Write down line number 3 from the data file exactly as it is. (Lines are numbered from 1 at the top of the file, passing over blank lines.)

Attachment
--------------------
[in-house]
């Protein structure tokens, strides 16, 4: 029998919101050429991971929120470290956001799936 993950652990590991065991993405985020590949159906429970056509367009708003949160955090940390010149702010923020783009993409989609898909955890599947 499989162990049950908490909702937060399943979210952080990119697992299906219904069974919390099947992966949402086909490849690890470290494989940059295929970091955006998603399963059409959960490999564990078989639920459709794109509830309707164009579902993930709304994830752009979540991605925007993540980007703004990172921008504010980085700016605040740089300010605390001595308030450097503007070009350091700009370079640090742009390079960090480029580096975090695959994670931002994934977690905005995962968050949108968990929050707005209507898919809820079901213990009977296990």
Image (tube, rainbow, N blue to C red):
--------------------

Image (tube, rainbow, N blue to C red):